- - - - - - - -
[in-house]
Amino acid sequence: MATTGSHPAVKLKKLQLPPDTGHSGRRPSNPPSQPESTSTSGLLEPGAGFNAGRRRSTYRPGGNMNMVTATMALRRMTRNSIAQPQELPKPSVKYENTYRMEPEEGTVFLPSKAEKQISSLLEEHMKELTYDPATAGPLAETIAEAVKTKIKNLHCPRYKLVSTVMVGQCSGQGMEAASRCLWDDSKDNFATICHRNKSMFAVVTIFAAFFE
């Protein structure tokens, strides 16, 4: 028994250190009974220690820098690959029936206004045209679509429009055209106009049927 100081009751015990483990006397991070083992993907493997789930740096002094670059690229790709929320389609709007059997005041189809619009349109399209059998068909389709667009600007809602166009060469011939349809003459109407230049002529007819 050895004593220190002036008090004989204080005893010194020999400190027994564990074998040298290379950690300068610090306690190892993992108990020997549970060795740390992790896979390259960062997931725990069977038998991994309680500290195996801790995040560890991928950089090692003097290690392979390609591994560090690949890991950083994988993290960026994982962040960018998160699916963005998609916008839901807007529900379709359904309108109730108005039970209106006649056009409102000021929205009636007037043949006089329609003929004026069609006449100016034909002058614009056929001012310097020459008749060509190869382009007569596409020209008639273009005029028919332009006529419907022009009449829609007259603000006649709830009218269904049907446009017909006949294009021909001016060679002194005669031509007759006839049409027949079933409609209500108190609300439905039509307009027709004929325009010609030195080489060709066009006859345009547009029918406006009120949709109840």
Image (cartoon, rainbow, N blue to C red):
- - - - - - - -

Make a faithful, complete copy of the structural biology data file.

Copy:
[in-house]
Amino acid sequence: MATTGSHPAVKLKKLQLPPDTGHSGRRPSNPPSQPESTSTSGLLEPGAGFNAGRRRSTYRPGGNMNMVTATMALRRMTRNSIAQPQELPKPSVKYENTYRMEPEEGTVFLPSKAEKQISSLLEEHMKELTYDPATAGPLAETIAEAVKTKIKNLHCPRYKLVSTVMVGQCSGQGMEAASRCLWDDSKDNFATICHRNKSMFAVVTIFAAFFE
């Protein structure tokens, strides 16, 4: 028994250190009974220690820098690959029936206004045209679509429009055209106009049927 100081009751015990483990006397991070083992993907493997789930740096002094670059690229790709929320389609709007059997005041189809619009349109399209059998068909389709667009600007809602166009060469011939349809003459109407230049002529007819 050895004593220190002036008090004989204080005893010194020999400190027994564990074998040298290379950690300068610090306690190892993992108990020997549970060795740390992790896979390259960062997931725990069977038998991994309680500290195996801790995040560890991928950089090692003097290690392979390609591994560090690949890991950083994988993290960026994982962040960018998160699916963005998609916008839901807007529900379709359904309108109730108005039970209106006649056009409102000021929205009636007037043949006089329609003929004026069609006449100016034909002058614009056929001012310097020459008749060509190869382009007569596409020209008639273009005029028919332009006529419907022009009449829609007259603000006649709830009218269904049907446009017909006949294009021909001016060679002194005669031509007759006839049409027949079933409609209500108190609300439905039509307009027709004929325009010609030195080489060709066009006859345009547009029918406006009120949709109840």
Image (cartoon, rainbow, N blue to C red):